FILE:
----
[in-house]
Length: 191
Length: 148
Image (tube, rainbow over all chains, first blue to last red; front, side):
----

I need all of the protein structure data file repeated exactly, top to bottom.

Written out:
[in-house]
Length: 191
Length: 148
Image (tube, rainbow over all chains, first blue to last red; front, side):